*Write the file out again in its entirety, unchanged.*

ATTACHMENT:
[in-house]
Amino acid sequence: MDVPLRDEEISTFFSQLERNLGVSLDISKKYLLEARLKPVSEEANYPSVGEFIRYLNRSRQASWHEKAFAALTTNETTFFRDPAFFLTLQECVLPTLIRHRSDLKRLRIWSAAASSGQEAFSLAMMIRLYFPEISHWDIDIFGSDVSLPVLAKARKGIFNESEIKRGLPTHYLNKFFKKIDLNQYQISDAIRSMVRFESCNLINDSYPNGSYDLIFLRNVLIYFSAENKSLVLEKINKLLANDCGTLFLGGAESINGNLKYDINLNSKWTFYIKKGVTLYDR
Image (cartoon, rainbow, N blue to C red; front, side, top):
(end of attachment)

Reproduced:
[in-house]
Amino acid sequence: MDVPLRDEEISTFFSQLERNLGVSLDISKKYLLEARLKPVSEEANYPSVGEFIRYLNRSRQASWHEKAFAALTTNETTFFRDPAFFLTLQECVLPTLIRHRSDLKRLRIWSAAASSGQEAFSLAMMIRLYFPEISHWDIDIFGSDVSLPVLAKARKGIFNESEIKRGLPTHYLNKFFKKIDLNQYQISDAIRSMVRFESCNLINDSYPNGSYDLIFLRNVLIYFSAENKSLVLEKINKLLANDCGTLFLGGAESINGNLKYDINLNSKWTFYIKKGVTLYDR
Image (cartoon, rainbow, N blue to C red; front, side, top):